The present study examines the variability of inputs and outputs from five of the most widely used retirement planning software calculators used by U.S. consumers. Results indicate that due to differences in assumptions and inputs, the calculators produce outputs that vary dramatically for even very simple client situations, with greater variance for lower socioeconomic households. The results suggest that even for simple scenarios, American consumers would need a high level of financial literacy to successfully input and/or interpret the output without the help of a professional advisor.
Author: Rachel (Qianwen) Bi, PhD, CFP, MBA, is an assistant professor in the personal financial planning program at Utah Valley University’s Woodbury School of Business. She has been teaching financial planning software in the classroom for over 8 years. She won the Outstanding Symposium Paper Award at the Association for Financial Counseling, Planning, and Education’s (AFCPE) annual conference with the paper title of “Retirement Saving and the Use of Financial Software.” Her recent article “The Efficacy of Publicly Available Retirement Planning Tools” has been downloaded over 2,950 times within 5 days and made the Social Science Research Network (SSRN) Weekly Top 5 list. The paper has been cited in the Wall Street Journal and also mentioned by other finance-related media. Dr. Bi holds a PhD in personal financial planning from Texas Tech University. She also holds an MBA degree from Rawls College of Business of Texas Tech University with an emphasis in finance. With a bachelor’s degree in management of information systems from Dalian Maritime University, Dr. Bi found her passion to study the impact of technology on the financial services industry.
Author: Lukas R. Dean, PhD, CRC, RFC, is the CFP program director at Utah Valley University and an associate professor of personal financial planning in the Woodbury School of Business. Previously, he served as the CFP program director at William Paterson University in New Jersey. He earned his PhD from Texas Tech University, and has both bachelor’s and master’s degrees from Brigham Young University. He was named by Investment News as one of the 40 most influential professionals in financial planning under the age of 40. He also serves on the CFP Board Workforce Development Advisory Group and on the Investment News Diversity & Inclusion national advisory board.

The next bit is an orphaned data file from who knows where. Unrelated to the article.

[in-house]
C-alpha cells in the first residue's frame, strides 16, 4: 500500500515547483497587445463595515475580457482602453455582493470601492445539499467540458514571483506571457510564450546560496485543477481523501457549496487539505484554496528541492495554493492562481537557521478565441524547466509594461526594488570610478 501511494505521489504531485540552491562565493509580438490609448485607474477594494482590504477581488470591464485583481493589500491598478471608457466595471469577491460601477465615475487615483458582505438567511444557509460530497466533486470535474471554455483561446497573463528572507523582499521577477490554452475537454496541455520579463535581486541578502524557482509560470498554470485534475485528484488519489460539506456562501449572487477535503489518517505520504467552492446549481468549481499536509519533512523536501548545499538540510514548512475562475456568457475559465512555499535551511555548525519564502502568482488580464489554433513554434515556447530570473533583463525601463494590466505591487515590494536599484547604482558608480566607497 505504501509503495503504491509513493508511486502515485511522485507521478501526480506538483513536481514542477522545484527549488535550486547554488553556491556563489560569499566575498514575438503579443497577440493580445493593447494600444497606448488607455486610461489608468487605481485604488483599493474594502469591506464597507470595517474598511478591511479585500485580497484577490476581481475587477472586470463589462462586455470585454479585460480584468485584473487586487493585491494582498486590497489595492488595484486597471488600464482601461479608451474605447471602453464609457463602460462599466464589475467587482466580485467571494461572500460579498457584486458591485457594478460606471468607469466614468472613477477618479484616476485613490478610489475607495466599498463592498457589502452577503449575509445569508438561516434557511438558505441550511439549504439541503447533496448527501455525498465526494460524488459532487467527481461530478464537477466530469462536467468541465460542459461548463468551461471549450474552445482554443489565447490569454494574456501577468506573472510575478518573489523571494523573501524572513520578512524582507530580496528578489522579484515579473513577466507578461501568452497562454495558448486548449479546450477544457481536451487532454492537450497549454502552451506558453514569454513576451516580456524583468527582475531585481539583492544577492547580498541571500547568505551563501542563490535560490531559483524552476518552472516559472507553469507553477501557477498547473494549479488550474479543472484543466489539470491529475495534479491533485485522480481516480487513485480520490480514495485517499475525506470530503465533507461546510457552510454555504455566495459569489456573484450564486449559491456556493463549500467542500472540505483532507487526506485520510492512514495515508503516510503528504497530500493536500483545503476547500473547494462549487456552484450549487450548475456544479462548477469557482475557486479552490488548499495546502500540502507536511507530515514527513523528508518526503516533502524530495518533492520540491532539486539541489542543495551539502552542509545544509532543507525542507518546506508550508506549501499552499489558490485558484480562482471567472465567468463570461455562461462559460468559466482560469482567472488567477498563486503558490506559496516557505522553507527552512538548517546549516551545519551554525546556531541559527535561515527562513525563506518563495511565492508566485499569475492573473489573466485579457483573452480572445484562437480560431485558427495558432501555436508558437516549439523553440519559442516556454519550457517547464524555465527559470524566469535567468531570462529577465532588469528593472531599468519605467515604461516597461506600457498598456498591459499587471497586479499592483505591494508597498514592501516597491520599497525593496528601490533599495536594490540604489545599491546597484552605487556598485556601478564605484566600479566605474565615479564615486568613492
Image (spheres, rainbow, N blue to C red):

Author: Jingpeng Tang, PhD, is a tenured associate professor of computer science at Utah Valley University. Before joining the university, Dr. Tang was a tenured associate professor in software engineering and information technology management at the University of Minnesota Crookston. He earned his bachelor’s degree in engineering from Southwest Jiaotong University, China, and his master’s and two PhD degrees both in computer science and engineering from North Dakota State University. He has taught numerous courses in software engineering, networking, computer science, and information technology. His current research interests include software engineering quality assurance, software security, AI, machine learning, blockchain, agent systems, 3D modeling, and simulations. Dr. Tang has published technical papers from international conferences sponsored by IEEE and other organizations. He is also PI and Co-PI for federal grants, including the Department of State (DOS).
Author: Hyrum L. Smith, PhD, CFP, CPA, is a professional in residence at Utah Valley University. He has a PhD in personal financial planning from Texas Tech, an MBA from the University of Utah, and a bachelor’s degree in accounting from Utah State University. He is the managing partner at Blue Barn Wealth Management in Salt Lake City, UT. He holds a CPA, CFP, and has passed Level 1 of his CFA. In 2018, he was awarded the Most Outstanding Professor of the Year in UVU’s Woodbury School of Business.